Get involved in your election process
Elections are always an interesting time for communities — or nations for that matter. It can be just as interesting for journalists, who are tasked with tracking down and following candidates, reporting on their backgrounds and plans, as well as their activities on the campaign trail.
It wasn’t that long ago, of course, that we wrapped up a national election, with voters selecting members of Congress, as well as some state-level officials and local representatives. It will be another two years before the presidential election, although word of some early campaiging has begun to leak out.
Locally, we have about another month before the filing period begins for Weirton’s municipal election. Filing will be held through the city clerk’s office from Jan. 14 to Jan. 26. The city’s primary election will be held April 2, with the general election set for June. 11.
That certainly is a condensed election schedule, and it goes fast.
A couple of months ago, the city’s incumbent mayor, Harold Miller, sat down with me to announce his plans to seek re-election. I know there are some things he still would like to do. However, I’ve also heard some rumblings about possible challengers for the office.
A couple members of council also have expressed interest in keeping their seats.
We won’t know for certain who will be stepping up to the plate until the filing period has concluded and the applications have been turned in.
Some in the public have been talking about the election for another reason.
In recent months, council passed legislation enacting a pay raise for the city’s mayor and councilmembers. The mayor’s pay will go from $4,500 to $11,000, while each council member will go from $2,700 to $7,500. Keep in mind, this will go into effect for the next city administration, which begins July 1. Council cannot vote itself a pay raise, so the only way any current members will see the increase is if they get re-elected.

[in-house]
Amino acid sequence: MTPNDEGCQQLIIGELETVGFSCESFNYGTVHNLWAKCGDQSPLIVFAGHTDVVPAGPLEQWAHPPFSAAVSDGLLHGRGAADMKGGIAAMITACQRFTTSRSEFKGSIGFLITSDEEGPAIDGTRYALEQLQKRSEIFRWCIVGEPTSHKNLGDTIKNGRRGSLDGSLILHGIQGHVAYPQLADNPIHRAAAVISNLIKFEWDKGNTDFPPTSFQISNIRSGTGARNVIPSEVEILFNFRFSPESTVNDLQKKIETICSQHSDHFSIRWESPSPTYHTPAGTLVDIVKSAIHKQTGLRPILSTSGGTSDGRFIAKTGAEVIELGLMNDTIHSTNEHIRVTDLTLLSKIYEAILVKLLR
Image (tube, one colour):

I’m not going to get into whether the pay raises are warranted. But, in discussing the proposal, a similar theme kept cropping up.
The thought was that, perhaps if a bigger paycheck was available, more individuals would take an interest in seeking these offices.
Whether more money is involved or not, I would encourage more people to consider running for elected office. For that matter, I encourage more people to find ways to get involved in their communities.
In the last couple of elections, there were races where only one person was registered. Most of those offices on the ballot only had two names listed, meaning they both automatically made it through the primary election.
While that may make my job a little easier, that doesn’t really give residents much of a choice. Voters should have options when it comes to selecting who will represent them.
On top of that, elections cost money. The city currently is working to contract voting machines, not to mention the various advertising requirements and other mandated steps, training poll workers, setting up polling locations, providing voting materials, etc. It’s thousands of dollars — taxpayer dollars — that go into putting together elections. When only two people are on a ballot, and they automatically move on to the general election, it pretty much makes the primary election pointless and a waste of money. That’s why some area communities have passed legislation stating their primary election will be canceled if no more than two candidates register for each race.
There is a lot going on, and there could be even more with a wider sharing of ideas within our communities. An election is a perfect opportunity for such sharing to take place. There are debates and “meet the candidate” events — assuming a local group steps up to plan them — providing a venue for residents to hear directly from those seeking to lead the city.
If we want an active and vibrant community, we need to have people stepping up. I encourage residents — no matter your age — to get involved, and if holding public office appeals to you, do your research to see what is involved. Sign up. Get ready for the campaign.
It’s not an easy situation to be in, but if you are serious about doing something to benefit your community, you may find it a rewarding experience.
(Howell, a resident of Colliers, is managing editor of The Weirton Daily Times, and can be contacted at email@example.com or followed on Twitter @CHowellWDT)